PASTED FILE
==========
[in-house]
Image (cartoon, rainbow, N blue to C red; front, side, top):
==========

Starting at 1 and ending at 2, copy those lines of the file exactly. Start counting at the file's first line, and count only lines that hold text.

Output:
[in-house]
Image (cartoon, rainbow, N blue to C red; front, side, top):